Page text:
Does the 4wd trailblazer come with a high/low transfer case? You could probably get an aftermarket transfer case with appropriate ratios for off road/city and highway driving with only the 2 ratios and use just 1motor hidden in the transmission tunnel giving more battery/generator space up front. Only caveat is trying to get a transfer case happy to shift while moving, ideally with synchros for smooth engagement. That might be a challenge, but there's alot of choice in this market so you never know.
This would be simple and effective and more affordable.

Cheers

Tyler
 

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Does the 4wd trailblazer come with a high/low transfer case? You could probably get an aftermarket transfer case with appropriate ratios for off road/city and highway driving with only the 2 ratios and use just 1motor hidden in the transmission tunnel giving more battery/generator space up front. Only caveat is trying to get a transfer case happy to shift while moving, ideally with synchros for smooth engagement.
It looks like the Trailblazer comes with the NVG 226; yes, this has two ratios. It's a reasonably nice unit with clutch so it can engage 4WD automatically when left in the right mode (Auto 4WD), but has no centre differential so any time the front drive output is engaged, it is locked to the rear output speed.

I like the general idea, which is proposed each time that anyone discusses a 4X4 conversion, but I don't think shift-on-the-fly is the only problem. With most transfer cases, the low gear can only be used in 4WD, with the front and rear output shafts locked to the same speed; that's fine in many off-road situations, but nearly useless on-road. In the NVG 226, Auto 4WD only works in the high ratio.

For shift-on-the-fly, apparently some transfer cases do have synchronizers; for instance, apparently the manually-shifted NP271 does not have synchros and is not to be shifted on-the-fly, while the NP273 is essentially the same transfer case with an electric shift motor and a synchro ring. Unfortunately, this is likely only for engaging 4WD, not for shifting gear ranges.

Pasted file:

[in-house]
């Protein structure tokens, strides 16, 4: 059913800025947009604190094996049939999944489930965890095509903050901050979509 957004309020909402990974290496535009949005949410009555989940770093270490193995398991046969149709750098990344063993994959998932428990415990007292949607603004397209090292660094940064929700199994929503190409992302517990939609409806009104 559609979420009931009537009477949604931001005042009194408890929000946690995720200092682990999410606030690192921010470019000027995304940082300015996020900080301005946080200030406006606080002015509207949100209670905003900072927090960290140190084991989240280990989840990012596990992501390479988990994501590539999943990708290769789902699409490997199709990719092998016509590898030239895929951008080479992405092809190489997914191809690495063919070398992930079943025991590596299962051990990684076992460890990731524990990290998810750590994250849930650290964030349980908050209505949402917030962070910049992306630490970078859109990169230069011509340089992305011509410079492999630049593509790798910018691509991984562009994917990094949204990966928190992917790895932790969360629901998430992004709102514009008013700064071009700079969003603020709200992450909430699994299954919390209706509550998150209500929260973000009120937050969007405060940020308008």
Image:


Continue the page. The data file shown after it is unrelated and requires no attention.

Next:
While having two ratios seems good, the "high" ratio (which is normally direct, so 1:1, as it is in the NVG 226) is higher than needed, and the low ratio (anything from about 2:1 to about 4:1) could probably be used all of the time. The 2.69:1 low ratio of the NVG 226 would probably be a great single gear, combining with the 3.42, 3.73, or 4.10 final drive to produce an overall ratio of 9.19, 10.03, or 11.03:1.

With a typical stock tire size of 235/75R16, which turns 697 revolutions per mile, 60 mph would be 697 RPM. That would be 7687 RPM at the motor even in low gear of the stock transfer case (2.69:1) with the shortest axle ratio (4.10:1), and lower motor speeds with the other axle ratios. If the motor can run to 10,000 RPM, that would be a "redline" of 78 MPH. Since the motor can produce about the same continuous power at any speed from 5,000 to 10,000 RPM, if the top speed is power-limited changing moderately from this gearing wouldn't matter; if you gear taller you run the motor at lower speed and higher torque, and if you gear lower you run the motor at higher speed and lower torque.

It looks like the NVG 226 uses a single control motor and cam to control both engaging low gear ratio and engaging the 4WD clutch, so it's probably not possible to find a position which would cause it to use the low ratio without engaging locked 4WD. This is typical of transfer cases.

Ideally, a transfer case for this application would:
  • allow engaging low gear without engaging locked 4WD (which likely means a manually-shifted box with an interlock removed), and
  • would have a centre differential so 4WD could be used on dry pavement.
If the stock NVG 226 could be - even permanently - set in low gear with auto 4WD, it would work. I hope the gearing can stand the input spinning much faster than the stock engine ever runs...